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MOFGA to sue federal government over forever chemicals in sludge used as fertilizer

In this Thursday Aug. 15, 2019 photo, dairy cows rest outside the home of Fred and Laura Stone at Stoneridge Farm in Arundel, Maine. The farm has been forced to shut down after sludge spread on the land was linked to high levels of PFAS in the milk.
Robert F. Bukaty
/
AP
In this Thursday Aug. 15, 2019 photo, dairy cows rest outside the home of Fred and Laura Stone at Stoneridge Farm in Arundel, Maine. The farm has been forced to shut down after sludge spread on the land was linked to high levels of PFAS in the milk.

The Maine Organic Farmers and Gardeners Association announced Tuesday that it plans to sue federal regulators over the issue of forever chemicals in sludge.

MOFGA alleges that the Environmental Protection Agency has failed to regulate the land application of sludge that contained PFAS. Treated sludge has been commonly used for decades as fertilizer in Maine and many other states. But that practice has been linked to high levels of PFAS on more than 50 farms in Maine and hundreds of contaminated drinking water wells.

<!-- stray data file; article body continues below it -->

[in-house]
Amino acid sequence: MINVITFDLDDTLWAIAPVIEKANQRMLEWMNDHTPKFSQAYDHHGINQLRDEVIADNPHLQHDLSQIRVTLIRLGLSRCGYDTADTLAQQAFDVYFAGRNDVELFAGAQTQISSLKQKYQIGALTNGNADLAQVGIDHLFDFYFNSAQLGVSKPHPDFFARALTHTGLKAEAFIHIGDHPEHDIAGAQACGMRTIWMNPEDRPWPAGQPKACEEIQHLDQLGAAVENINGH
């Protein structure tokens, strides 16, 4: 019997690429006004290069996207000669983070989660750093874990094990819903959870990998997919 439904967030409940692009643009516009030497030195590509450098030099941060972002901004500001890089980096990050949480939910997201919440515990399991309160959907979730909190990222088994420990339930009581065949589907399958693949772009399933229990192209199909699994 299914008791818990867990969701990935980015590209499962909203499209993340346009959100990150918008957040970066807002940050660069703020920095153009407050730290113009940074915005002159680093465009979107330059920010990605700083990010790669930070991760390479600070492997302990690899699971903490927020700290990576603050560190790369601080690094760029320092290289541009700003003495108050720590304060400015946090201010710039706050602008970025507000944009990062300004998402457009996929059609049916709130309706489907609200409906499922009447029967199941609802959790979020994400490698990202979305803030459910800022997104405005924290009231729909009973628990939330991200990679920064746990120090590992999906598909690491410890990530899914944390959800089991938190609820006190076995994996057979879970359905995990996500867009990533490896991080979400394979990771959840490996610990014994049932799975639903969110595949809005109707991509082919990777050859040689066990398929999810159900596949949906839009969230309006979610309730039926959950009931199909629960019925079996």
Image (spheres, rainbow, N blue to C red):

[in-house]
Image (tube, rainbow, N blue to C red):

MOFGA says it intends to sue the EPA under the Clean Water Act. The organization plans to work with Public Employees for Environmental Responsibility, a national group that announced plans in February to sue the EPA over forever chemicals in sludge.